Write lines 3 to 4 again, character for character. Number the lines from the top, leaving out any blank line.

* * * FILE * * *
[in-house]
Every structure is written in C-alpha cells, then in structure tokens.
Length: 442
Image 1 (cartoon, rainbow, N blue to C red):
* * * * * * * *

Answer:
Length: 442
Image 1 (cartoon, rainbow, N blue to C red):